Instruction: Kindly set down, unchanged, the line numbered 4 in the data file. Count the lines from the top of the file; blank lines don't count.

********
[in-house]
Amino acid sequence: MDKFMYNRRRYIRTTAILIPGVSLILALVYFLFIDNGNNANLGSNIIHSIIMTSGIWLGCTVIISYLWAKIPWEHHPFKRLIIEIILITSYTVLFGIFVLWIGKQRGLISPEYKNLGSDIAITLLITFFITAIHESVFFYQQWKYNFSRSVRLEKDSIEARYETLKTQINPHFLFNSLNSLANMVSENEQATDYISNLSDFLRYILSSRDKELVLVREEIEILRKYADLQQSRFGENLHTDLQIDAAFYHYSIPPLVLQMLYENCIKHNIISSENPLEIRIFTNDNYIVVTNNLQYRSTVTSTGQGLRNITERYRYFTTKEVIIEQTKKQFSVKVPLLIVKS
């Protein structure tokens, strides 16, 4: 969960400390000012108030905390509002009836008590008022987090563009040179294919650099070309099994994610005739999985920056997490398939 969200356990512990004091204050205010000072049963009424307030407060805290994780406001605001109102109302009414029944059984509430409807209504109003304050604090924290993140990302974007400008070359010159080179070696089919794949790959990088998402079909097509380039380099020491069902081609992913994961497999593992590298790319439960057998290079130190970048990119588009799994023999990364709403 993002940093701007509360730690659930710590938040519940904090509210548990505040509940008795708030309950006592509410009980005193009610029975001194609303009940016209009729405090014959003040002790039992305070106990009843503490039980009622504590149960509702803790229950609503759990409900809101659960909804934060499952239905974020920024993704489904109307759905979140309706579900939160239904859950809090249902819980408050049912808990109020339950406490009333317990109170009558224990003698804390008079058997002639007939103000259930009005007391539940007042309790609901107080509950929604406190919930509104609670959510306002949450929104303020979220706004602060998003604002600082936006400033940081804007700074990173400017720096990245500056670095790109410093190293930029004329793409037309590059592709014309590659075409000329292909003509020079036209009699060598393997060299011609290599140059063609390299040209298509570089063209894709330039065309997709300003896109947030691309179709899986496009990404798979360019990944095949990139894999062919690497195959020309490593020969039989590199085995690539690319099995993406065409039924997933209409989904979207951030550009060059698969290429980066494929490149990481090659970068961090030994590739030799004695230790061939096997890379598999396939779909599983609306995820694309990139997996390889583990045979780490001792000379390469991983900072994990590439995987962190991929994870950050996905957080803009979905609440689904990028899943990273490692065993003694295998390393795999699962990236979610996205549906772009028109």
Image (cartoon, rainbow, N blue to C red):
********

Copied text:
Image (cartoon, rainbow, N blue to C red):